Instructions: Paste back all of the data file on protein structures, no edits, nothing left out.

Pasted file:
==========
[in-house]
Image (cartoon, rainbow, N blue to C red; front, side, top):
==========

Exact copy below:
[in-house]
Image (cartoon, rainbow, N blue to C red; front, side, top):